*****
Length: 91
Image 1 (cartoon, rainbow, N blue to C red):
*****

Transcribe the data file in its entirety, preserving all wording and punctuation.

Length: 91
Image 1 (cartoon, rainbow, N blue to C red):